The flight of refugees from Burma highlights just how inhumane our refugee policy has become. More than 647,000 Rohingya have fled Burma since the end of August last year, making it the largest refugee crisis of our region and one of the largest in the world.
The UNHCR web page on the Rohingya crisis says
The situation remains precarious as refugees continue to arrive every day. Many refugees tell horrific stories of extreme violence, several showing wounds and trauma inflicted before their flight. As more refugees arrive every day there is an acute need for emergency shelters, blankets and other forms of aid. To lessen the risk of waterborne and airborne diseases, refugees and host communities urgently need more clean water, health care and other supplies. Pregnant women, young children and the elderly are especially vulnerable
The Rohingya have been described as the most unwanted people on earth. Boats and rafts filled with Rohingya have been pushed out to sea by governments of nations around Burma. Almost all now flee to Bangladesh where there are historic ties.
The sheer scale of people leaving makes it an emergency, and it is one that is firmly planted in Australia’s backyard. Back in the days before we decided to exempt ourselves from the most fundamental provision of the Refugee Convention, that people should be free to seek asylum wherever they can, we might have expected boats with Rohingya to have made their way to Australia. It would have generated great angst but it also would have meant Australia would have provided them with protection. Now that we have turned our back on asylum seekers Bangladesh is shouldering the burden on its own.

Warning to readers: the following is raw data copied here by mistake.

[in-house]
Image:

When our government decided to stop the boats from coming it left us with a moral obligation to make sure that we used our resettlement program to ensure Australia was bearing its fair share of the global burden of protection. Yet the number of people who come to Australia via our special humanitarian program is a mere 16500 per year. The figure needs to be at least double that before we can say that we are doing our fair share.
And surely when there is a crisis of the scale of the Rohingya fleeing Burma there is a need to implement additional extraordinary measures, such as the response we made to the Syria crisis where we took 12,000 refugees over and above the regular humanitarian intake. This is even more the case given the Rohingya crisis is occurring in our own part of the world.
Australia receives around 2000 Burmese refugees and special humanitarian entrants each year, but it’s simply not enough. I have no objection to the Minister for Home affairs expressing concern for white South African farmers. I just wish the same concern would be afforded the victims of the greatest refugee crisis of our region..